Osborne secretly plans £2.5bn cut to sickness benefit

Leaked document shows that the Chancellor wants to slash support for people too ill to work.

Leaked document shows that the Chancellor wants to slash support for people too ill to work.

Leaked documents have shown that George Osborne is secretly planning to cut sickness benefits by £2.5bn.

The plan is detailed in a confidential letter from Osborne to the Work and Pensions Secretary, Iain Duncan Smith, which was seen by the Observer.

Written on 19 June (three days before the Emergency Budget) and also sent to David Cameron and Nick Clegg, the letter says:

Given the pressure on overall public spending in the coming period, we will need to continue developing further options to reform the benefits as part of the spending review process in order to deliver further savings, greater simplicity and stronger work incentives.

Reform to the employment support allowance is a particular priority and I am pleased that you, the prime minister and I have agreed to press ahead with reforms to the ESA as part of the spending review that will deliver net savings of at least £2.5bn by 2014-15.

The employment and support allowance (ESA) is the successor to incapacity benefits, and is paid to those who are unable to work because of disability or illness.

Duncan Smith is currently locked into negotiations with the Treasury over his proposed reform to the welfare system, which will require immediate investment in order to incentivise working in the long-term.

This revelation has done little to ease the tension. The Department for Work and Pensions insisted that nothing has been decided, stressing that "our reforms will ensure that the most vulnerable in our society are protected." Some within Duncan Smith's camp have even accused the Treasury of leaking the letter to force them into accepting the plan.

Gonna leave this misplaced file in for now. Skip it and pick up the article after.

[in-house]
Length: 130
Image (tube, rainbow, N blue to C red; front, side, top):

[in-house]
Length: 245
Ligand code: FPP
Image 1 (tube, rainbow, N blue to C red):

The proposed cuts are disturbing, but hardly surprising. Just last week, Osborne launched an astonishing attack on people who have made the "lifestyle choice" to be on benefits, announcing an extra £4bn cuts.

A government spokeswoman dismissed the leak, saying that the £2.5bn figure was "totally out of date", and that negotiations on ESA were ongoing. Possible changes could include means-testing recipients, and limiting the amount of time that people can spend on ESA.

The Institute for Fiscal Studies showed unequivocally last month that the Budget was regressive, and would disproportionately affect the very poorest in society. To this already punitive Budget, with its drastic cuts to housing benefits, add the extra reductions that Osborne announced last week and this latest news. You have a picture of an assault on the welfare state and a worrying propensity to go after the most vulnerable in society.

Samira Shackle is a freelance journalist, who tweets @samirashackle. She was formerly a staff writer for the New Statesman.

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Like it or hate it, it doesn't matter: Brexit is happening, and we've got to make a success of it

It's time to stop complaining and start campaigning, says Stella Creasy.

A shortage of Marmite, arguments over exporting jam and angry Belgians. And that’s just this month.  As the Canadian trade deal stalls, and the government decides which cottage industry its will pick next as saviour for the nation, the British people are still no clearer getting an answer to what Brexit actually means. And they are also no clearer as to how they can have a say in how that question is answered.